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Pay to Play: Bali Set to Impose New Tax on All Foreign Tourists

Jan. 26, 2019
2 min read
Pay to Play: Bali Set to Impose New Tax on All Foreign Tourists
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The Indonesian government is close to enacting a new tax on all foreign tourists visiting Bali. The hope is that the tourist tax, which would likely be $10 per person, would help "tackle plastic pollution" — a major problem for the popular tourist destination.

Bali's governor, Wayan Koster, said that a "bylaw has been drafted" to tax oversees visitors, and that the money would be used to preserve the environment as well as Balinese culture by helping to not only tackle pollution but also waste management on the island, according to The Guardian.

Back in December of 2018, Indonesia banned single-use plastics such as straws, shopping bags and styrofoam, which have been clogging Bali's pristine beaches and waters at alarming rates. "The Bali Environment Agency recorded that the island produced 3,800 tons of waste every day, with only 60 percent ending up in landfill," according to The Jakarta Post. The money raised would be used to fund programs to help clean up the environment.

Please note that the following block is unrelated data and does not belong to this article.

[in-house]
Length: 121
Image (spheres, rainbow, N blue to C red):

The move is one tourists will understand, according to Koster. "They will be happy to pay it as it will be used to strengthen our environment and culture,” he said of the tax, which only "international tourists and not domestic visitors" would have to pay. Method of collection of the tourism tax is still on the table, with possibilities including via airline ticket price or payment upon arrival at the airport.

So far, locals see this as a promising move to keep up tourism numbers and are on board with the idea, with one caveat: that the funds actually go toward the environmental programs as promised. Ida Bagus Purwa Sidemen of the Bali chapter of the Indonesian Hotels and Restaurants Association told The Guardian, “As long as the levy is used for preserving environment and culture, I think it would not cause a decline in tourist numbers."

Tourism is a huge industry for Bali, which saw "nearly 5.7 million visitors" in 2017 alone, a number that's expected to "exceed 6 million in 2018," according to The Jakarta Post.

H/T: The Guardian

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